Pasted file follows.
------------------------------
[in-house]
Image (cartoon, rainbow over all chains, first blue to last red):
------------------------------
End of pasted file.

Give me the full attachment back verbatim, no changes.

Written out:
[in-house]
Image (cartoon, rainbow over all chains, first blue to last red):